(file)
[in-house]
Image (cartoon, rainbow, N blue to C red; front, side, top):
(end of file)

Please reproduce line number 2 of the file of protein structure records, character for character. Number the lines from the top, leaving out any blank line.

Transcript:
Image (cartoon, rainbow, N blue to C red; front, side, top):